95 percent of Long Island school budgets approved
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Voters across Long Island approved school budgets at a 95 percent clip Tuesday, confirming widespread predictions that residents would support spending plans held to modest increases by state-imposed tax caps.
Budgets were defeated, however, in six of the seven Island school systems that attempted to bust their district's tax-cap limits.
A total of 118 districts had approved spending plans for the 2013-14 school year out of a total 124 on the Island.
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"School districts worked very hard this year to keep their budgets under the cap," said Alan Groveman, the Connetquot schools chief and past president of the Suffolk County Association of School Superintendents. Connetquot's $176 million budget passed handily, 2,l07 to 1,130.
Budgets failed in Baldwin, East Quogue, Manhasset, North Babylon, Sachem and South Country -- all systems that attempted to exceed their tax-cap limits and failed to get the 60 percent supermajorities required by state law.
Sachem and North Babylon had tried to pierce their caps for the second year in a row.
"Obviously, the cap has significant power," said Fred Gorman, a leading regional taxpayer advocate and founder of Long Islanders for Educational Reform, a watchdog group. He lives in the Nesconset section of the Sachem district. "It's the only way to control expenses, and people in the future will realize how dangerous it is to try for an override."
Outside Sachem's Cayuga Elementary, Steven Culver, 32, of Lake Ronkonkoma, explained his "no" vote. "I think they are doing an admirable job of trying to deal with the current fiscal conditions," he said. "But the entire idea that you need $293 million to run a school district is too much and not on par." Culver has a 1-year-old child and a baby on the way.
Sachem's budget drew a 54.2 percent voter majority. It would have raised taxes 7.49 percent, the highest proposal on the Island and well over the district's 3.14 percent levy limit.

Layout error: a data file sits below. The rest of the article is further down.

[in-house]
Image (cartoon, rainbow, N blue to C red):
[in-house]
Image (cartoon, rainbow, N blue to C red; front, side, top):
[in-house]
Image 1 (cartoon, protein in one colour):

Officials in the districts where voters rejected budgets now face the choice of resubmitting the same spending plans or reduced versions to voters on June 18 or -- an unlikely option -- opting for a zero tax hike.
The only district that successfully pierced its tax-cap limit was Bay Shore, where the budget squeaked through with a 61.4 percent majority. The other 117 districts in Nassau and Suffolk counties all stayed within their cap limits.
Keith Fuchs, 52, a financial planner, was one of the voters supporting Bay Shore's $143.6 million budget. It raises taxes 6.37 percent, well beyond the district's 3.17 percent cap.
Fuchs voiced appreciation for Bay Shore's academic offerings, especially a dual-language English/Spanish program in which both of his elementary-age children participate.
"They're doing a fantastic job," Fuchs said of his district.
Islandwide, school spending is projected to rise an average 3.22 percent next year, while property-tax collections increase an average 3.27 percent.
School taxes account for more than 60 percent of homeowners' total tax bills.
In Manhasset, orange and blue balloons bobbed on street corners, reminding residents to vote. Polls were busy there.
Manhasset resident Chris Maurischat, 38, was among local voters unconvinced of the necessity of piercing the cap.
"I wasn't very happy with it," he said of going above the cap on the tax levy. "We're looking at almost a 6 percent increase, and that's a lot in this economy."
Maurischat declined to say how he voted but said he thought the district needed to do a better job.
In Baldwin, Ralph Rose drove a red truck with a poster that read "Vote No. School Taxes Out of Control."
"Retired people can't afford to be here," said Rose, 62, who is co-president of the area's chamber of commerce. Rose also ran unsuccessfully for the school board in 2007.
Baldwin's $121.5 million budget got a 55.8 percent majority -- short of the needed 60 percent. It would have raised taxes 7 percent, well beyond its 3.14 percent cap.
As voters traipsed in and out of Bellport Middle School in the South Country district, they spoke of the choice of supporting the school budget or reining in costs.
"I'm tired of paying taxes for all these schools," said Leila Bryant of Bellport village, who noted that she and her children attended Catholic schools.
"It looks to me . . . [the budget] is all teacher salaries. I want to see higher scores, higher marks."
And Tom Quinn of Bellport said he was upset about the rise in taxes. "It's getting to the tipping point where I can't sell my house because the taxes are too high," he said.
South Country's $119.5 million budget garnered a 54.1 percent majority, also short of the needed 60 percent. It would have raised taxes 3 percent, beyond its 0.98 percent cap.
In East Quogue, Linda Stanton, 62, voted against the proposed budget.
"I hate to take programs away from the kids and see them do without, but there's just got to be another way to move around the funds without raising taxes," she said.
With Jennifer Barrios,
Sophia Chang, Scott Eidler, Mackenzie Issler
and Brittany Wait